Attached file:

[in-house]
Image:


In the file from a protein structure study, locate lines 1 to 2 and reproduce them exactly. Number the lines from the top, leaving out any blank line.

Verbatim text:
[in-house]
Image: